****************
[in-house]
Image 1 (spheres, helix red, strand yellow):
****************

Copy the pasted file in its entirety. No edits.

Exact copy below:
[in-house]
Image 1 (spheres, helix red, strand yellow):